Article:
'A horrific week for Virginia': Gov. Ralph Northam takes on blackface scandal in first interview
The top three Democrats in Virginia are embroiled in scandals; two over offensive racial depictions, and the other over sexual assault accusations. USA TODAY
Virginia Gov. Ralph Northam sidestepped calls for his resignation, instead saying in his first interview since he admitted to wearing blackface that he would spend the rest of his time in office focused on mending racial tensions.
Speaking with the Washington Post, Northam laid out his plans moving forward and addressed the tumultuous week that left the future for Virginia's top three politicians uncertain.
"It’s been a horrific week for Virginia. A lot of individuals across Virginia have been hurt," Northam told the Post.
The interview is Northam's first since a yearbook photo surfaced, showing one man wearing blackface and another person in Ku Klux Klan robes. At first, Northam apologized and acknowledged he was in the photo but a day later he rescinded his remarks and denied knowing anything about the photo.
However, Northam admitted he wore blackface for a dance contest in the 1980s where he dressed up like Michael Jackson. Since then, his No. 2, Lt. Gov. Justin Fairfax was accused by two women of sexual assault and his attorney general, Mark Herring, who is third in line to run the state, admitted he, too, wore blackface.
The news left Virginians in shock and spurred countless calls for the men to resign.
Northam resisted those calls again on Saturday, telling the Post that he would instead focus the rest of his three years in office on racial tensions in the state and inequality.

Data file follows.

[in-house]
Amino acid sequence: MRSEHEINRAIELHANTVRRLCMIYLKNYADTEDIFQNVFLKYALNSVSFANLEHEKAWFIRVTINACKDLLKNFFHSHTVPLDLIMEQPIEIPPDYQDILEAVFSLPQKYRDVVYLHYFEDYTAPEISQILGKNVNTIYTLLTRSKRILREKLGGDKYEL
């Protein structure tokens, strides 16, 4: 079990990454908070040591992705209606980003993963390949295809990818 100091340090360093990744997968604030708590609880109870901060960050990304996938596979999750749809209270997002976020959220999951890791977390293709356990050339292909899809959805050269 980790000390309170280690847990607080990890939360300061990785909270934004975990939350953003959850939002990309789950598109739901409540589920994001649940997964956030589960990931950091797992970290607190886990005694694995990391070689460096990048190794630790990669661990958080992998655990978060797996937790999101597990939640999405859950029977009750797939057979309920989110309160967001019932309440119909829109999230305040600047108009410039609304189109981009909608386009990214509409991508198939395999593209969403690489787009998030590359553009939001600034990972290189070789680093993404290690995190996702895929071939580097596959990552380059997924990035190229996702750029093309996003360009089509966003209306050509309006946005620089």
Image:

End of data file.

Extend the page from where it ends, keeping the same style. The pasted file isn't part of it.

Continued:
Sexual assault allegations: Democratic Party of Virginia wants Lt. Gov. Fairfax to resign
"It’s obvious from what happened this week that we still have a lot of work to do. There are still some very deep wounds in Virginia, and especially in the area of equity," Northam said. "There are ongoing inequities to access to things like education, health care, mortgages, capital, entrepreneurship. And so this has been a real, I think, an awakening for Virginia. It has really raised the level of awareness for racial issues in Virginia. And so we’re ready to learn from our mistakes."
Northam said he is working with his cabinet on policies that will help mend the issues in the state and said he's spent the week learning and talking with black lawmakers who told him stories of how minorities are treated across the United States.
Northam also said he was planning a "reconciliation" tour across the state to talk with constituents about what happened and address the issue of race.
Also on Saturday, Northam made his first public appearance since the controversy. He attended a funeral for a state trooper killed in a shootout. Northam was not listed as a speaker in the funeral program.
The service in the town of Chilhowie for Lucas B. Dowell was four hours west of the political tumult in Richmond.